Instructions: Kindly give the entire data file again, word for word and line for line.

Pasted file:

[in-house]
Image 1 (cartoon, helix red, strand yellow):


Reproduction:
[in-house]
Image 1 (cartoon, helix red, strand yellow):